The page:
International students

Consumer guide

In Australia, every person has consumer rights and responsibilities, and our trade practices are different from many overseas countries. Every person has the right to be protected from unfair business practices.

This information provides you with basic tips about your consumer rights and responsibilities in NSW.

Shopping rights

The Australian Consumer Law (ACL) gives you rights when you buy goods and services in Australia, including rights to repairs, replacements and refunds.

Repairs, refunds, replacements

To make a claim about faulty products or services you need to show a receipt or other proof of purchase, such as a credit card or bank statement so traders can provide a remedy. A remedy could be a refund, repair or replacement.

Businesses must give you a receipt for goods or services valued at $75 or more. You can ask for a receipt for a transaction under $75 and the business must give it to you within seven days.

In some situations, you are entitled to a refund for a product you buy. For example, if you bought a microwave but it does not do the job that it is supposed to do. However, there are also situations where you may not be entitled to a refund for example, if you damage the microwave by not following the instructions on how to use it correctly.

A sign in a store that states ‘no refunds’ is illegal, as it implies you will not be provided with an appropriate remedy, even if the goods you bought are faulty. Signs that state ‘No refunds will be given if you have simply changed your mind’ are legal.

Read more about refunds for more information about when they do and do not apply.

Shopping online

Follow these tips when shopping online in Australia:

  • Check the seller’s business details by calling them before your first purchase.
  • Compare prices, postage, delivery, refund and return policies.
  • Read customer reviews about the seller.
  • Check if the site is secure before paying. Look for a key or closed padlock icon at the bottom or top of the computer screen.
  • Never give your password or personal bank details.
  • Check the exchange rate, sales tax and import duties (overseas seller).
  • Print out the payment or order confirmation and keep it in a safe place.

Read more about shopping online.

Buying a car

Before you buy a car from a private seller, follow these tips:

  • Shop around and check prices.
  • Check the car’s service history (log book) if buying a used car.
  • Ask the seller to go for a drive to test the car.
  • Pay a mechanic to do a car safety inspection for you, as there is usually no warranty.
  • Do a Personal Property Securities Register (PPSR) search online to check if the car has money owing (debt) from a previous owner. A car with debt could be repossessed (taken away) from you.

Watch the buying a used car video on YouTube in seven community languages including English.

ServiceNSW is the one stop shop in NSW for all transactions relating to cars and driving, for example, driver licence and car registration. Call 13 77 88 or go to website for more information.

My next car app

Download our free app 'my next car' [iPhone or Android] before buying a used car. It helps you compare cars, do a Personal Property Securities Register search and gives great tips for anyone looking to buy a car.

Mobile phones and data plans

If you are planning to buy a mobile phone or data plan, follow these tips:

  • Shop around – Look at different types of plans, compare prices, services and network providers. Consider using pre-paid services.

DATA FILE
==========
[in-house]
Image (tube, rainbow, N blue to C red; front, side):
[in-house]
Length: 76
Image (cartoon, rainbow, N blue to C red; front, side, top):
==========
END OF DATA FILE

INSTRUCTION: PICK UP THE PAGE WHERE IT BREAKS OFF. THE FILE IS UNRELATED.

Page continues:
• Read the contract – If you decide on a plan (pay monthly), read the terms and conditions, including the small print, before signing. Make sure you understand the terms for cancelling the contract.
  • Check the payments – Find out what your monthly payments will be and if you will be charged at a higher rate if you exceed your call or data allowance.
  • Check network coverage – Check coverage maps on the provider’s website and contact the provider to find out the quality of reception in the areas you will use the service.
  • Keep your contract – Make sure you keep your receipts, warranty and other paperwork. You may need them if you have an issue with the phone or service provider.

Go to the Telecommunications page for more information.

For problems with phone cards, mobile phones and internet services call the Telecommunications Industry Ombudsman (TIO) on 1800 062 058 or go to the website.

Gift cards/vouchers

A gift card or gift voucher is a card/voucher loaded with an amount of cash. It enables you or the person you give it to, to buy goods and services. There are some important things to remember when buying gift cards/vouchers:

  • Check the expiry or issue date.
  • Treat your gift card like cash – if you lose it, it's gone.
  • Read the terms and conditions about getting ‘change’.

Changes to the laws about the sale and use of gift cards in NSW started on 31 March 2018. Go to the gift cards page for more information.

Credit card chargeback

Chargeback is a refund facility available from credit card providers. It may be possible for you to request a chargeback from your credit card provider if:

  • goods or services that you have ordered have not been provided, but your credit card has been charged.
  • a transaction is made with your credit card without your approval or authorisation.
  • a transaction is illegal such as a forged signature, or use of an expired credit card.

A time limit may apply for the use of this facility.

For further information regarding chargeback, contact your credit card provider.


A scam is a trick or a fraud when you pay money but get nothing back for it, or you get something that is worth much less than the money you paid. Scams can be anywhere – in the mail, email, internet, in person or over the phone. Scams can include offers of work, requests to transfer money, rental scams, mobile phone scams and online shopping and auction scams.